Multi-spark ignition is very useful especially in the case
of startings at low temperature and at low rpm range. Basic
idea, is to apply to spark plugs instead of only one spark, a
spark-burst having big energy. In this case, combustion of
air/fuel mixture is much better and the emissions are more
reduced. In addition, through burning improvement, the
consumption of fuel can be reduced.
Why synchronized multi-spark, or what means this?
Special literature abounds in multi-spark EID schematics.
These have in common the fact, as the breaker-points dont control
directly EID, but an oscillator, which will generate a
succession of impulses, and these impulses shall command EID.
This aproach has tw1o major deficiencies:
First spark doesnt match exactly with the moment of breaking
points; so, it has an aleatory delay toward this. This is
equivalent to an aleatory modification of ignition advance,
which will leads to non-uniform run of engine.
At high rpm range, the time betw1een tw1o impulses of
multi-spark device can become comparable with the time betw1een
breaker-points impulses; this shall lead to an unstable
operation of engine, with trepidations and knockings. To avoid
this trouble, is necessary to switch-off the multi-spark
device when rpm of engine exceeds a certain value.
With these in mind, I imagined the device described forwards.
Few calculations elements
The crankshaft velocity of an internal combustion engine is given by following formula:
n = revolution speed of engine crankshaft (rpm)
M = strokes number (2 or 4)
N = number of sparks per second (sparks frequency, in Hz)
B = number of ignition coils
C = cylinder number
For usual four stroke engines, with 4 cylinders and a single ignition coil, the formula becomes :
From where :
In fig.1 is shown an EID equipped with synchronized multi-spark module.
Shaping block has the role to provide fixed length impulses (2
mS) at each breaker-points opening. In this way are eliminated
the false impulses which appear due contacts vibrations.
As shown in drawing, shaped impulse triggers directly the EID
and act as START impulse for multi-spark module. If rpm of engine
is under speed limit, the module will generate a series of
supplementary impulses that, through an OR gate, will generate
supplementary sparks by EID. When speed limit is reached (for
example, 2000 rpm), supplementary impulses stops at module
output, thus no supplementary sparks will be generated.
The module uses for control the shaped impulses from breaker
points. The time betw1een tw1o consecutively impulses depends on
rpm engine and has the values shown in upper table.
From whole T interval, only in the first half of this will be
generated supplementary sparks, after the main spark produced by
the breaker points. This is very important, because generating
sparks outside of half of the interval, the spinning distributor
could apply these sparks to next cylinder, and this could be very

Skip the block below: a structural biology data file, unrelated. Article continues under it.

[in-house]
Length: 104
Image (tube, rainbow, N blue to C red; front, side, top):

harmful for mechanical parts of engine.
In fig. 3 is shown the block-diagram of the multi-spark module.
At breaker-points opening, the shaping circuit (not shown in
drawing) produces a square impulse having 2 mS. This, named BP,
is applied to EID by an OR gate and generate the main spark.
In multi-spark module, during 2 mS interval, a sequence timer
(a counter with decoded outputs) accomplishes the initialization
of circuits (full operations will be detailed later). When
impulse BP disappears, the gate P2 is opened and the counter N1
receives impulses with 1 mS period, from clock generator. This 8
bits counter measures, in fact, the duration betw1een tw1o
breaker-points impulses. It can count maximum 255 impulses, each
having 1 mS (see the table, this correspond to 120 rpm, far
below the free running speed !). At next BP impulse, P2 close and
the counting stop. The number stored inside N1 is in fact the
time length betw1een tw1o BP impulses.
The sequence timer copy the number stored in N1 to N2, after
this resets counter N1. When BP becomes low level, N1 restarts
the counting. In the same time, the up/down counter N2, starts
counting the impulses having 0.5 mS period, which comes via gate
P1. It counts down, but with double speed. In this way the
counter N2 reach to 0 after T/2 time. The counter N4 and gate P5
makes the impulses for supplementary sparks (2 mS length).
This counter works only if INH signal is at low level. The
fip-flop FF1 marks the interval T/2 in which will be generated
supplementary sparks. It is reseted when N2 reach 0. The gates P3
and P4 unlock the flio-flop and start supplementary sparks.
Also, these gates switch-off the multi-spark function when engine
speed limit is reached (in this case, ~ 2000 rpm). How works
this ? In the upper table we can see at about 2000 rpm, the time
length betw1een tw1o BP impulses is 15 mS.
This means as after a counting cycle, the first 4 bits of
counter N1 will be 111 and next 4, 0000. In this case, P3 gate
output will be at low level, and the same value for P4 output.
The flip-flop FF1 will be not set, and as result, no
supplementary sparks. If the speed engine decrease (time length T
increase), the last 4 bits of N1 will have at least one 1 and
the flip-flop will be set. This allow to appear supplementary
sparks until flip-flop will be reseted by borrow impulse of N2.